Today, there are more than 21 million Americans with a physical disability, including thousands of military personnel who sustained serious injuries during active duty over the last few years.
There are five Paralympic sports categories:
- Sledge hockey was introduced as a medal sport in the 1994 Lillehammer Games. More commonly known as sled hockey in the U.S., the sport has been played in this country since the late 1980s. Team USA won its first Paralympic medal in the sport – the gold medal – at the Salt Lake Games in 2002.
- Just as in ice hockey, sled hockey is played with six players (including a goalie) at a time. Players propel themselves on their sledge by use of spikes on the ends of two three-foot-long sticks, enabling a player to push himself as well as shoot and pass ambidextrously. Rinks and goals are regulation Olympic-size, and games consist of three 15-minute stop-time periods.
- Paralympic sled hockey competition is open to male athletes with physical disabilities such as amputation/limb loss, spinal cord injury/wheelchair-users and cerebral palsy/brain injury/stroke.
Alpine Skiing (my volunteer assignment)
- Downhill racing started as a demonstration event at the 1980 Paralympic Games in Geilo, Norway. The giant slalom was first a demonstration event in 1984, and mono-skiing was introduced in the alpine and Nordic events in 1988 at the Games in Innsbruck, Austria.
- The alpine disciplines include the same events contested in Olympic competition: downhill, slalom, giant slalom and super-G.
- Paralympic alpine skiing competition is open to male and female athletes with physical disabilities such as amputation, blindness/visual impairment, spinal cord injury/wheelchair-users and cerebral palsy/brain injury/stroke.
- Biathlon has been a part of the Paralympic Winter Games since 1992 in Tignes, France, where only the visually impaired and the standing classes competed. At Lillehammer in 1994, the sitting classes also participated. Biathletes compete using the freestyle technique.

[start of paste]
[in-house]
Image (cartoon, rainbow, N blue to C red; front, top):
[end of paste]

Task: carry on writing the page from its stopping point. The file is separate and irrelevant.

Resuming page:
- Biathlon combines elements of cross country skiing and sharp shooting. Athletes ski three 2.5 km loops (7.5 km total), stopping after the first two loops to shoot at five targets (10 targets total). One minute is added to the athlete’s finishing time for each miss.
Cross Country Skiing
- Cross country events have been a part of the Paralympic Winter Games since the sport was first introduced at the Ornskjoldsvik (Sweden) Games in 1976.
- Cross country races range from 2.5 km to 20 km depending on disability and gender.
- Paralympic nordic skiing competition is open to male and female athletes with physical disabilities such as amputation/limb loss, blindness/visual impairment, spinal cord injury/wheelchair-users and cerebral palsy/brain injury/stroke.
- Wheelchair curling made its debut at the 2006 Paralympic Winter Games in Torino as a medal event.
- Unlike in Olympic curling, there is no sweeping.
- Paralympic wheelchair curling competition is open to male and female athletes. A player must have significant impairments in lower leg/gait function (e.g. spinal injury, MS, double leg amputation, etc.), so that a wheelchair is used for daily mobility – more specifically, those who are non-ambulant or can walk only very short distances. Determination of minimum disability and appropriate classification is made by authorized international sports classifiers.
UPDATE: Eric Eales, a wheelchair curling expert from Canada, informed me that the current wheelchair curling rules are under discussion to possibly change after April 2010. To check out his blog go to http://wheelchaircurlingblog.blogspot.com/. Thanks Eric!
To donate to the U.S. Paralympics go to … https://secure3.convio.net/usoc/site/Donation2?1722.donation=form1&df_id=1722.